13 votes

Sound waves adding up

Since the phases are random, the waves do not add coherently... but neither do they cancel coherently. Furthermore, loudness is really a measure of the intensity of the sound. Thus, if we consider a ...
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4 votes

Double slit experiment: how to derive the figure of interference?

I think the most straightforward way to get the pattern is to first consider an isotropic point source of particles with momentum $k$. Here I consider the $d=2$ case. The wave function for the ...
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  • 1,075
2 votes

Sound waves adding up

You can compare this to taking the mean of a random sample of mean zero random variables. Some observations will be positive, and some will be negative, and so there will be a lot of canceling. ...
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2 votes
Accepted

How can we derive an equation for double slit interference without the approximations made?

For near-field effects, it may be better to think about the full field rather than just path differences. Based on you wording of "point sources" and the fact that you are using speakers, I ...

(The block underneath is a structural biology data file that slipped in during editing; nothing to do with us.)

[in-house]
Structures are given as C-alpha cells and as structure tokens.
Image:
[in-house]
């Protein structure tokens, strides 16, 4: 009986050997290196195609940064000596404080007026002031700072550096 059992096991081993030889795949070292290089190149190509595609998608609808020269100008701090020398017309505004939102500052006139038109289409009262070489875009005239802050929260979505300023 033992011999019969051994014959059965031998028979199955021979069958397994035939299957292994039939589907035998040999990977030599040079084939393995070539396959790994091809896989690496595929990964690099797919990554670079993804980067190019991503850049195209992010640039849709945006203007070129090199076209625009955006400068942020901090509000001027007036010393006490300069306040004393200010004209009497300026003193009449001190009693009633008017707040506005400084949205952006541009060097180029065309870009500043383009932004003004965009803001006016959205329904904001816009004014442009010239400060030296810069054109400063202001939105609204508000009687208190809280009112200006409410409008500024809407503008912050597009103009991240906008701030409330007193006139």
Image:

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1 vote

Phase difference and path difference relation confusion

$\delta$ is the phase-difference $\theta_2 - \theta_1$ at the meeting point, where $\Delta x$ is the path-difference (difference in path lengths) $\ell_2 - \ell_1$ between the two paths from the ...
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1 vote
Accepted

Path Integral QM and Destructive Interference

Pay attention to the word crudely. The value $\pi$ is not a precise estimate, just a typical value for phases out of phase. Shankar is implying that when the path integral sum up a neighborhood of ...
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  • 169k
1 vote
Accepted

Law of conservation of momentum and interference

On screen 4 you will still see "interference", as with photons each particle/wave will determine its own path (per Dirac, Feynman and QM) and all electrons going to the right have the option ...
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1 vote

Intensity of Diffraction and inteferance

We will assume that the distance between centres of slits is several times greater than the width of each slit. The intensity of the interference pattern will then be 'modulated' by that of the ...
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1 vote

Why is the width of a dark fringe in an interference pattern much less than the width of a bright fringe?

The range of intensities from bright to dark is very large and you will see from the photograph of some fringes (not on the same horizontal scale as the graph) that the dark look wider than the bright....
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